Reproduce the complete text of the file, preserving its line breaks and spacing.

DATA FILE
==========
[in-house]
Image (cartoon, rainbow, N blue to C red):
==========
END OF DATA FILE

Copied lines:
[in-house]
Image (cartoon, rainbow, N blue to C red):